Brazil’s Armed Forces were not invited to a working group the Superior Electoral Court created on Thursday to fight political violence during this year’s elections. The group will have 45 days to submit a study with suggestions for “additional guidelines” for electoral courts to “fight political violence in the 2022 elections.”
The group will have 15 members, all of whom serve the Judiciary branch. No representatives of the Legislative or Executive branches were invited.
In September 2021, Justice Luís Roberto Barroso created a transparency committee during his spell as presiding justice of the electoral courts. The board includes a representative from the Armed Forces among its members, a move that has massively backfired — and served only to put the courts in a bind.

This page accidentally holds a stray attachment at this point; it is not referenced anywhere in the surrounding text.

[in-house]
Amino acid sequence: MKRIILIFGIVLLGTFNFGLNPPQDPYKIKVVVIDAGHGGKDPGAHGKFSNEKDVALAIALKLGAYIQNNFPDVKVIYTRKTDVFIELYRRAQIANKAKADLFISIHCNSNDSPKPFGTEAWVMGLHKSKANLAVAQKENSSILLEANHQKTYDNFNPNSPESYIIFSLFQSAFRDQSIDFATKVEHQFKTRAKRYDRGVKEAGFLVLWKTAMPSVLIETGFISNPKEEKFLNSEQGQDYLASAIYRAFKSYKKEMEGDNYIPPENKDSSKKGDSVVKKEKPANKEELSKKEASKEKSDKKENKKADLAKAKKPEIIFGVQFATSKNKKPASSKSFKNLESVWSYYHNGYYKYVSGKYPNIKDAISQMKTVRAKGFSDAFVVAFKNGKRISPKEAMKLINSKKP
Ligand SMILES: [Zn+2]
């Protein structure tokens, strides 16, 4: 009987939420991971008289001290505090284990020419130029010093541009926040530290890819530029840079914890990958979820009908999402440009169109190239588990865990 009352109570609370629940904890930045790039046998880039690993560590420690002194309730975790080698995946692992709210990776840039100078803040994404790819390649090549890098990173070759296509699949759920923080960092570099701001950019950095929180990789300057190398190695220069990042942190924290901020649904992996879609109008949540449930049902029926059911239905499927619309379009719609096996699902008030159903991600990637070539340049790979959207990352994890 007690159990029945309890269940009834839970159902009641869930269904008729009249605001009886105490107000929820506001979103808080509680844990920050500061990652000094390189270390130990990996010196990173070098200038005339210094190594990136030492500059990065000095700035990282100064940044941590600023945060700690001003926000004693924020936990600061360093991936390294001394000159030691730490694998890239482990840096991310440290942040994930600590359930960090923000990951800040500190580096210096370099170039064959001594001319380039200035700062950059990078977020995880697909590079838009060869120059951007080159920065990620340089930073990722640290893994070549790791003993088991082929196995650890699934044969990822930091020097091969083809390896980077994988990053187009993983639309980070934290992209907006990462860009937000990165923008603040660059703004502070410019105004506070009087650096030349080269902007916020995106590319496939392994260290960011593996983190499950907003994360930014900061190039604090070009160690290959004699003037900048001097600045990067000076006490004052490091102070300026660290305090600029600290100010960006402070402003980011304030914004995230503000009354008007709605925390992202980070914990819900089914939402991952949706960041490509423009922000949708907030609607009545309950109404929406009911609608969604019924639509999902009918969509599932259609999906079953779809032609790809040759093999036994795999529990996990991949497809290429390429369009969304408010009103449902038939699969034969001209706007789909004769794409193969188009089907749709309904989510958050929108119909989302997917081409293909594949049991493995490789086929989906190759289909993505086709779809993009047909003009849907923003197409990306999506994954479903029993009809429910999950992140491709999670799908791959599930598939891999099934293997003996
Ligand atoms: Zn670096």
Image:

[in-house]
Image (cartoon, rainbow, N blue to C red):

Defense Minister Paulo Sérgio Nogueira told a Senate committee last week that the Armed Forces will “go until the end” on what he called a “mission” to improve the transparency and safety of the upcoming election. In a separate meeting at the House, Mr. Nogueira said that military intelligence is “not concerned” with the possibility of an event similar to the January 6 Capitol invasion taking place in Brazil.
Electoral authorities say “13 letters have arrived with complaints of aggression against lawmakers and journalists in various locations across the country.”